The late Rep. John Murtha’s (D-Pa.) perch in the southeast corner of the House chamber remained empty during Tuesday votes, and it’s likely to stay that way for some time in a ceremonial nod of respect to the defense-spending baron, who died earlier this month and was laid to rest last week. But a handful of ambitious Democratic lawmakers are already jockeying for one of Murtha’s other seats — his exclusive assignment to the powerful Appropriations Committee.
The field so far is narrow, with only two Members confirmed to be actively seeking the post: sophomore Reps. Christopher Carney (D-Pa.) and Travis Childers (D-Miss.). But sources said Rep. Patrick Murphy (D-Pa.) is likewise interested and that the list could grow as the behind-the-scenes jostling heats up.
The House Democratic Steering Committee, which will vote to recommend Murtha’s replacement to the broader Democratic Caucus, has not yet set a date for considering the opening. And leadership sources said the panel likely won’t convene to do so until next week at the earliest.
“It is too early to consider the vacancy. Members are still mourning the passing of Chairman Murtha and not even discussing this,” one Democratic leadership aide said.
But both Carney and Childers at least have begun lobbying their colleagues to support their bids. Their arguments for the seat overlap in some ways. Both lawmakers represent marginal seats and could use the assignment to help make the case to voters back home that they deserve re-election. And both Members’ districts have been represented by appropriators in previous Congresses — Childers succeeded then-Rep. Roger Wicker (R), a member of the panel before he got tapped for a Senate seat; Carney ousted Republican Rep. Don Sherwood, an appropriator who himself had replaced a longtime committee member, former GOP Rep. Joseph McDade.
The Pennsylvania connection could cut both ways for Carney and Murphy. The state’s delegation will rally to keep the seat of a committee legend with one of their own. “As you can imagine, Chairman Brady strongly believes that Mr. Murtha’s seat should remain a Pennsylvania seat,” said Kyle Anderson, a spokesman for House Administration Chairman Robert Brady (D-Pa.), a close friend of Murtha’s and the region’s representative on the Steering and Policy Committee.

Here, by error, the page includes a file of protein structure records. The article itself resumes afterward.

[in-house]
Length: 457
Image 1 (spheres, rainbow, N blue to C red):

But leaders also take regional equity into account when doling out exclusive committee assignments, and the Keystone State’s region — which also includes Ohio and Kentucky — is overrepresented on the Appropriations panel. Even with the loss of Murtha, the region claims four appropriators, while most others have three. And Murphy’s Philadelphia-area district is next door to that of the state’s lone remaining committee member, Democratic Rep. Chaka Fattah.
Childers is making the case that his state could use the help of a more powerful advocate for federal dollars. “The State of Mississippi is a small agrarian state that is dependent upon federal resources for its fiscal well being,” he wrote in a letter to Speaker Nancy Pelosi (D-Calif.) and Steering and Policy Committee Co-Chairwoman Rosa DeLauro (Conn.). He noted that he has been asking for a spot on the panel since he won a special election to his seat in May 2008, “and I would be remiss if I do not write you requesting an appointment for the current vacancy on the committee.”
Top Democratic aides noted that the field, such as it is, could well be upended by new contenders, and Pelosi continues to wield enough leverage with the Steering Committee to help clear a path for another favorite.
When the Steering panel meets, it will also hand out nods to fill vacancies left by former Rep. Robert Wexler (D-Fla.); Rep. Neil Abercrombie (D-Hawaii), who is resigning at the end of the week; and Rep. Parker Griffith (R-Ala.), who switched parties in December. None of the assignments is to an exclusive committee.